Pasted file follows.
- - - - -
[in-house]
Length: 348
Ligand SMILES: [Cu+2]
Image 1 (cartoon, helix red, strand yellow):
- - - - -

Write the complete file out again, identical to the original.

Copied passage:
[in-house]
Length: 348
Ligand SMILES: [Cu+2]
Image 1 (cartoon, helix red, strand yellow):